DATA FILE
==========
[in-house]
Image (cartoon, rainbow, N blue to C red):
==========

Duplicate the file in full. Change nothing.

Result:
[in-house]
Image (cartoon, rainbow, N blue to C red):